How do you manage giving multiple medications to both your parents?

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A pharmacy in Youngsville, LA (Ackal's Community Pharmacy) has a program where they package all medications by doses in sealed cups in a color coded calendar.. We have my Grandparents medication filled this way. Its a pill cup, on a calendar, by color (time of Day). We love it... Hope this helps
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The electronic dosage tray sounds wonderful if you can afford it. I think the most popular item is the plastic dosage tray that comes with anywhere from 7 to 28 cubes, depending on the frequency needed. Because my Uncle is visually impaired, and my Mother was in dementia, I told them both to leave the cover of each cube OPEN after taking each dose, so they would know which was the next cube to take. This is still working fine for my Uncle, but Mom is now in the NH so it's moot point for her now.
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I have found the blister packs very helpful, as they can be set up once
for the entire month. I did have three packs to set up; one for my father
who took all his meds in the morning; one for my mother's morning meds;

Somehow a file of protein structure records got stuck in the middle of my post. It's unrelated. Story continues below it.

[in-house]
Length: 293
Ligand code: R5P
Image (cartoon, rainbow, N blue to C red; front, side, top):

one for my mother's evening meds. The HHA "helps" my mother
with her meds, as my mother has moderate Alzheimers and cannot
be trusted to remember the day or the time of day. The monthly
bubble packs come with each bubble labeled with the date of the month;
I found that I could improve on that by also marking the day of the
week on the paper side of the bubble using a felt-tip marker
(before assembling the pack, and laying the paper layer on a
hard surface to avoid poking a hole with the marker).
One place where the bubble packs can be ordered
via the internet is Medical
supply stores usually don't carry them, and if they did
they would charge twice what the online store charges.
Not all pharmacies will bubble-pack the meds
for you, so you'd need to buy and assemble the packs
yourself for your folks. One advantage to doing this